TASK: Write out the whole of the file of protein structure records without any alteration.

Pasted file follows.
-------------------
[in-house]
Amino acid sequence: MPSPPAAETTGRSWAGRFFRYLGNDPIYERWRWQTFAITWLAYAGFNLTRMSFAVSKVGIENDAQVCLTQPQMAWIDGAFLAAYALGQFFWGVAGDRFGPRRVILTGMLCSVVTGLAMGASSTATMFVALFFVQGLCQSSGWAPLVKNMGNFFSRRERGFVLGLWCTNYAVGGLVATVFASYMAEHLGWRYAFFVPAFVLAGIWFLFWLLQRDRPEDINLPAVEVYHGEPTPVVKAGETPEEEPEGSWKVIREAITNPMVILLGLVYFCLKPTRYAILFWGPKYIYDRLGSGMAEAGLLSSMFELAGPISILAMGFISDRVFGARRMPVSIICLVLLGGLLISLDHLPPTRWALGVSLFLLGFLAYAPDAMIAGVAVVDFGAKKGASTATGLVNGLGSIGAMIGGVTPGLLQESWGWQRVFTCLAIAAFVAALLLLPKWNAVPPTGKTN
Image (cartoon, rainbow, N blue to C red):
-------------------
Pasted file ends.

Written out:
[in-house]
Amino acid sequence: MPSPPAAETTGRSWAGRFFRYLGNDPIYERWRWQTFAITWLAYAGFNLTRMSFAVSKVGIENDAQVCLTQPQMAWIDGAFLAAYALGQFFWGVAGDRFGPRRVILTGMLCSVVTGLAMGASSTATMFVALFFVQGLCQSSGWAPLVKNMGNFFSRRERGFVLGLWCTNYAVGGLVATVFASYMAEHLGWRYAFFVPAFVLAGIWFLFWLLQRDRPEDINLPAVEVYHGEPTPVVKAGETPEEEPEGSWKVIREAITNPMVILLGLVYFCLKPTRYAILFWGPKYIYDRLGSGMAEAGLLSSMFELAGPISILAMGFISDRVFGARRMPVSIICLVLLGGLLISLDHLPPTRWALGVSLFLLGFLAYAPDAMIAGVAVVDFGAKKGASTATGLVNGLGSIGAMIGGVTPGLLQESWGWQRVFTCLAIAAFVAALLLLPKWNAVPPTGKTN
Image (cartoon, rainbow, N blue to C red):